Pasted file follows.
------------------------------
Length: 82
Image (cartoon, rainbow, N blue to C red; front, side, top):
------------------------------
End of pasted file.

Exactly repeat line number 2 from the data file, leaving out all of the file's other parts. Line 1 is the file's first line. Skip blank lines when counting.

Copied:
Image (cartoon, rainbow, N blue to C red; front, side, top):